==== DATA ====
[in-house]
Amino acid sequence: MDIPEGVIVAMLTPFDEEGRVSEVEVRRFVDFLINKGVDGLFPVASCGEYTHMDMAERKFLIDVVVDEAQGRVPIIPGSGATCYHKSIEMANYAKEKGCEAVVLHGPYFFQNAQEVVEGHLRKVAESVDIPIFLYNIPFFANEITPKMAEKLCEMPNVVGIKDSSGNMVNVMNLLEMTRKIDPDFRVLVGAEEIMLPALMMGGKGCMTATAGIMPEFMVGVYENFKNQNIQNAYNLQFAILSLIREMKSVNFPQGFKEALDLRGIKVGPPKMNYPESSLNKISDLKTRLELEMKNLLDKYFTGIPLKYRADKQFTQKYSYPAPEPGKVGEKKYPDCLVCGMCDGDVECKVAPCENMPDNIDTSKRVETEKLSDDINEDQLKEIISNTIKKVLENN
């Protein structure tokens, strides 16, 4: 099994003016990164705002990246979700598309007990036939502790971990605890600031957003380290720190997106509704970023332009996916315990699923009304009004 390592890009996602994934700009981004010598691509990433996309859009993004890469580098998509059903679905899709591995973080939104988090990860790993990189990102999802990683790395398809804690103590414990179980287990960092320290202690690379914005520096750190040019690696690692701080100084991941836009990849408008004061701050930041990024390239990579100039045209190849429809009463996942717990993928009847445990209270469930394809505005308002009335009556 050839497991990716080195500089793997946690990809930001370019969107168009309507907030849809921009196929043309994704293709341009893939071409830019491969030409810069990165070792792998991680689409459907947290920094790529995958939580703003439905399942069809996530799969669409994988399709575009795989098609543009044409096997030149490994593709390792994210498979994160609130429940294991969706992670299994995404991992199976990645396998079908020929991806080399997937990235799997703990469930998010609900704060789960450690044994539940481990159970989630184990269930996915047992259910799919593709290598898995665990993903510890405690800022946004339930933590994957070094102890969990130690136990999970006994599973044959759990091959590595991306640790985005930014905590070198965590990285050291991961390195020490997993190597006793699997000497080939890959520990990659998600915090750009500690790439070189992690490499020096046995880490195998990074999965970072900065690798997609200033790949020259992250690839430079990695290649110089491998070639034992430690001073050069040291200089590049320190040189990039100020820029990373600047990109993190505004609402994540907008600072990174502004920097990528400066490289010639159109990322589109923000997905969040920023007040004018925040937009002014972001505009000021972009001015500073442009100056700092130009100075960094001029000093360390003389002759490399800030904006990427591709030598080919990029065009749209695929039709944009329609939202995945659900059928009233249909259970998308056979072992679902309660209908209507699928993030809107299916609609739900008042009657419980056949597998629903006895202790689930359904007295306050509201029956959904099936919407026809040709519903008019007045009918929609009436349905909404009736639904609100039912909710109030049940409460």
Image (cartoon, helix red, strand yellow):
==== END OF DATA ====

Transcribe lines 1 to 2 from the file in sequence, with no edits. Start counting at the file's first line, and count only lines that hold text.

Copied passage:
[in-house]
Amino acid sequence: MDIPEGVIVAMLTPFDEEGRVSEVEVRRFVDFLINKGVDGLFPVASCGEYTHMDMAERKFLIDVVVDEAQGRVPIIPGSGATCYHKSIEMANYAKEKGCEAVVLHGPYFFQNAQEVVEGHLRKVAESVDIPIFLYNIPFFANEITPKMAEKLCEMPNVVGIKDSSGNMVNVMNLLEMTRKIDPDFRVLVGAEEIMLPALMMGGKGCMTATAGIMPEFMVGVYENFKNQNIQNAYNLQFAILSLIREMKSVNFPQGFKEALDLRGIKVGPPKMNYPESSLNKISDLKTRLELEMKNLLDKYFTGIPLKYRADKQFTQKYSYPAPEPGKVGEKKYPDCLVCGMCDGDVECKVAPCENMPDNIDTSKRVETEKLSDDINEDQLKEIISNTIKKVLENN